Public Law & Legal Theory
In Boumediene v. Bush, the Supreme Court held that noncitizens detained at Guantanamo Bay have the constitutional privilege of habeas corpus. The case can be given multiple interpretations, including a narrow reading under which it follows straightforwardly from Eisentrager. But Justice Kennedy's majority opinion omits consideration of a factor that plays a role in Eisentrager, namely, the limited constitutional status of the noncitizen. For this reason, the most distinctive element of Justice Kennedy's reasoning is its cosmopolitanism, not its libertarianism. The cosmopolitan elements of Boumediene recall the debate about the use of foreign law to interpret provisions of the U.S. Constitution, of which Justice Kennedy is a major proponent, and it is argued that critics of judicial cosmopolitanism should reject Boumediene as well.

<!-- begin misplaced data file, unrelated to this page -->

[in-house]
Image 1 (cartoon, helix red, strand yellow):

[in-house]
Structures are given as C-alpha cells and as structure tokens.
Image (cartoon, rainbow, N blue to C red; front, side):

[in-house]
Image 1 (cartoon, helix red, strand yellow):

Eric Posner, "Boumediene and the Uncertain March of Judicial Cosmopolitanism," University of Chicago Public Law & Legal Theory Working Paper, No. 228 (2008).